Lynch declares innocence in open letter to HP board, HP fires back

The public war of words comes after HP said it would take a multibillion writedown due to alleged accounting fraud by Autonomy

By , IDG News Service |  IT Management, Autonomy, HP

Mike Lynch

Mike Lynch, Founder and Chairman of Autonomy Corporation, poses for photographers at an awards ceremony in central London March 13, 2008. Lynch was given the Innovator of the Year award at the EBLA (European Business Leader's Awards) ceremony at Claridge's Hotel in London.

REUTERS/Toby Melville

The feud between Autonomy founder Mike Lynch and Hewlett-Packard's leadership over alleged accounting fraud at the software vendor has intensified, with Lynch declaring his innocence in an open letter to the company's board and HP quickly returning fire.

HP said last week that it would take a $8.8 billion write-down in part due to the alleged accounting improprieties by Autonomy, which it acquired last year for $10.3 billion. The deal was roundly criticized by some observers, who believed HP had paid too much. But the alleged accounting fraud caused Autonomy to be highly overvalued, according to HP.

In his letter issued Tuesday, Lynch decried HP's claims.

"It was shocking that HP put non-specific but highly damaging allegations into the public domain without prior notification or contact with me, as former CEO of Autonomy," he wrote. "I utterly reject all allegations of impropriety. "

"Having no details beyond the limited public information provided last week, and still with no further contact from you, I am writing today to ask you, the board of HP, for immediate and specific explanations for the allegations HP is making," Lynch added. "HP should provide me with the interim report and any other documents which you say you have provided to the SEC and the SFO so that I can answer whatever is alleged, instead of the selective disclosure of non-material information via background discussions with the media."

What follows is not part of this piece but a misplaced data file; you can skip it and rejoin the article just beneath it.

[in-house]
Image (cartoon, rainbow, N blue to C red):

Lynch challenged HP to answer a number of questions, including how it determined the alleged fraud constituted more than $5 billion of the $8.8 billion write-down.

"In order to justify a $5 billion accounting write-down, a significant amount of revenue must be involved," he wrote. "Please explain how such issues could possibly have gone undetected during the extensive acquisition due diligence process and HP's financial oversight of Autonomy for a year from acquisition until October 2012 (a period during which all of the Autonomy finance reported to HP's CFO Cathie Lesjak)."

Lynch, who left HP in May, also questioned why the vendor's management waited until now to disclose the allegations to shareholders.

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